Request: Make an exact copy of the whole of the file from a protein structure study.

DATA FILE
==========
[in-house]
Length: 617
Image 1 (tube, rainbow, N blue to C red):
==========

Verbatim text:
[in-house]
Length: 617
Image 1 (tube, rainbow, N blue to C red):